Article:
WILL MAKING 101 – 7 things you need to think about when making your Will

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Thinking of making a Will?

You may want to consider these 7 things when putting one together. They are:

  1. Executors
  2. Guardians
  3. Duty to provide for those who would reasonably expect to benefit
  4. What can be given under a Will and what might be best to leave out
  5. Passing control of trust and company structures
  6. How do I give to members of my blended family?
  7. Has my Will been properly prepared and signed? What if it’s not valid?

Why is a Will important?

A Will ensures that your assets and belongings are distributed in a particular way preferred by you upon your death.

It is a legal document allows you to appoint an executor to distribute your assets according to your wishes.

Why must you consider having a Will?

Some of the reasons include:

  • it allows you have a say on how your assets and belongings will be distributed;
  • it allows your assets to be transferred smoothly on your death;
  • if you have children, it provides security for your children’s future;
  • if you have children under 18 when you die, it allows you to nominate a guardian.

Will Making Freedom

You have the freedom to make a Will personally, voluntarily and without undue influence and it can be kept confidential upon your wishes.

1. Executors

You’ve decided to make a Will, what’s next?

For your interest and those of your loved ones, you may appoint an executor to be responsible for distributing your estate according to the directions in your Will.

Without a Will, you will have no say on who administers your estate upon your death.

You executors usually appoint lawyers to advise and help them.

Think about:

  • First preferred Executor(s) (e.g. my spouse)
  • Acting jointly?
  • Age
  • Capacity
  • Relationship to each other
  • Reserve executor(s)

2. Guardians

If you have children, it is important that you have a say as to who is appointed guardian of them when you pass away. This is particularly important, if your children are under the age of 18.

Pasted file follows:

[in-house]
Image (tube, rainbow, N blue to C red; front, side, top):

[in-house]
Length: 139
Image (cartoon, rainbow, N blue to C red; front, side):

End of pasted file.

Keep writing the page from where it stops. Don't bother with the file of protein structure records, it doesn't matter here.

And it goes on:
Without a Will, unfortunately you will not have a say as to who becomes their guardian. For the sake of your children, it is in their best interest to consider a Will so that they are cared for according to your wishes.

Generally, a Will maker’s surviving spouse / partner will have sole guardianship upon the death of one parent.

Think about:

  • Gift to guardian(s)?
  • Executors and trustees to advance monies for children
  • Joint appointments – conditional or continuing?
  • Guardian guidelines

3. Understanding your duty to provide for those who would reasonably expect to benefit from your estate

We look at Section 41(1) Succession Act 1981 (Qld) which states:

If a person dies whether with a Will (or without a Will) and, as a result, adequate provision is not made from the estate for the proper maintenance and support of that person’s spouse, child or dependant, the court may, in its discretion, on application by or on behalf of such person(s), order that such provision as the court thinks fit shall be made out of the estate for such person(s).

The only individuals who are entitled to bring Family Provision Applications are:

  • spouses (which includes de facto spouses and in some cases former spouses);
  • children (which includes step-children); or